Dacogen Is Safe And Effective In Older Myelodysplastic Syndromes Patients (ASH 2009)
Published: Jan 15, 2010 12:28 pm
Dacogen (decitabine) is an effective and well-tolerated treatment for older myelodysplastic syndromes (MDS) patients, according to findings presented at the 51st Annual American Society of Hematology (ASH) meeting on December 6.
The risk of developing MDS increases with age, and older patients make up a large share of all MDS patients. Older cancer patients, however, often find it particularly challenging to deal with the side effects of many cancer drugs.
For these reasons, physicians who treat MDS are particularly interested in knowing whether a potential MDS treatment is both effective and safe for older patients.
Dacogen is one of several drugs the U.S. Food and Drug Administration has approved in recent years for the treatment of MDS.
Dr. George F. Geils, the author of the findings presented at the ASH meeting, analyzed data from two recent clinical trials of Dacogen. The goal of this analysis was to assess the efficacy and safety of Dacogen in two subgroups of older patients: patients aged 65 to 75 years, and patients aged 75 years and older.
The data from the two clinical trials were examined for overall response rate, duration of response, time to response, transfusion independence, and tolerability.
In one trial, patients were given Dacogen intravenously at 20 mg/m2 for five consecutive days every four weeks.
In the other trial, patients received Dacogen intravenously at 15 mg/m2 over three hours every eight hours for three consecutive days every six weeks.
In both trials, the overall response rate was higher for the 65 to 75 age group (38 percent and 16 percent) than for the 75 and older age group (23 percent and 9 percent).
More patients in the 65 to 75 age group achieved transfusion independence in both studies (39 percent and 43 percent, respectively) than patients in the 75 and older age group (15 percent and 21 percent, respectively).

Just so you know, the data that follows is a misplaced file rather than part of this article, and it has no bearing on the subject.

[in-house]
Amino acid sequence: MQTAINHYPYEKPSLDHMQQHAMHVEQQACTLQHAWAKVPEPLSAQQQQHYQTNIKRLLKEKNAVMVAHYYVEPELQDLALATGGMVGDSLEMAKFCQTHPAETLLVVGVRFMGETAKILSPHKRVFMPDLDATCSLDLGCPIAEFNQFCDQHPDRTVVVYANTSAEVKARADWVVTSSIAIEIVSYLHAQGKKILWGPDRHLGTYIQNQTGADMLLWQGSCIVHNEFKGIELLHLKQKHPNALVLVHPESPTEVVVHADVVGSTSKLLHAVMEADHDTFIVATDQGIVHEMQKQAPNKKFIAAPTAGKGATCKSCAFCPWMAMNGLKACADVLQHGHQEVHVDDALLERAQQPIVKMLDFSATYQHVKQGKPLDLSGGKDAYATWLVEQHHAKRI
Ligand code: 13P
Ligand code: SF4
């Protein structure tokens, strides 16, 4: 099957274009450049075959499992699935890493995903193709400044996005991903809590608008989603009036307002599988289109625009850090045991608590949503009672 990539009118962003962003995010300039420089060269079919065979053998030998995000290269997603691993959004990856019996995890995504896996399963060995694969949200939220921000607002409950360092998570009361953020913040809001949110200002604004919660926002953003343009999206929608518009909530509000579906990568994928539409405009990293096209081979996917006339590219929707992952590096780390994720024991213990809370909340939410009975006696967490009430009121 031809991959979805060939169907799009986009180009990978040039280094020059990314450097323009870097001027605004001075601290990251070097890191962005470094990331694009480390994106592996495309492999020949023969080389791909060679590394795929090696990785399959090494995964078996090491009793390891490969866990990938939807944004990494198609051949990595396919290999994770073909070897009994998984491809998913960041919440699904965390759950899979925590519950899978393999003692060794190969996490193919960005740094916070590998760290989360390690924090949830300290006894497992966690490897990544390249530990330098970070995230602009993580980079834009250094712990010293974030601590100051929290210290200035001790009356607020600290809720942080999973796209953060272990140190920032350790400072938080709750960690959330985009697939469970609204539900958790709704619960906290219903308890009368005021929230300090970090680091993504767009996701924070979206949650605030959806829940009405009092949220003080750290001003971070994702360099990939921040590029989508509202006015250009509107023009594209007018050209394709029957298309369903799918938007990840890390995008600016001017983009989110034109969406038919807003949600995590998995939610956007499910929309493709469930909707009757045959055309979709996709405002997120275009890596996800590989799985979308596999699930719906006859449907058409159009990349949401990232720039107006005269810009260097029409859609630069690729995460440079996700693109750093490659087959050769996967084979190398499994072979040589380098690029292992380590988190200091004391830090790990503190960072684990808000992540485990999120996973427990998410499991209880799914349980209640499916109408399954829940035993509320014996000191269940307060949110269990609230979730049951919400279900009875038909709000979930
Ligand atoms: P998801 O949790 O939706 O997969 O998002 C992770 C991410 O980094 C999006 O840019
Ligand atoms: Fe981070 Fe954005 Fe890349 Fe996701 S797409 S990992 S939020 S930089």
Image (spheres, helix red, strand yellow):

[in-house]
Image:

However, patients aged 75 years and older responded more rapidly in both trials (72 days and 93 days, respectively) than patients aged 65 to 75 years (84 days and 101 days, respectively). In addition, the older patients showed a more durable response in both studies (554 days and 295, respectively) than their slightly younger counterparts (343 days and 226 days, respectively).
The most common side effects were moderate to severe anemia (low red blood cell levels), leukopenia (number of white blood cells outside of normal range), neutropenia (low white blood cell levels), and thrombocytopenia (low platelet levels). There were no reported cases of neutropenia in patients aged 75 years and above.
Dr. Geils, the author of the ASH study, concluded that Dacogen was effective and generally well-tolerated by both subgroups of older MDS patients. He further concluded that, based on his data analysis, physicians need not place undue weight on a patient’s age when considering whether or not Dacogen is an appropriate treatment.
Likewise, Dr. Geils believes the results of his study support further research into the efficacy and safety of Dacogen in elderly and other high-risk MDS patients.
- Vidaza May Be Safe And Effective In MDS Patients Of All Ages (ASH 2009)
- Dacogen Is Effective In Previously Treated MDS Patients (ASH 2010)
- Molecular Analysis May Explain Why Dacogen Alone And Dacogen Plus Valproic Acid Show Similar Response Rates (ASH 2009)
- Study Confirms Dacogen Is Effective And Safe For Elderly MDS Patients (EHA 2011)
- Low-Dose Dacogen Improves Survival And Quality Of Life In Older Higher-Risk MDS Patients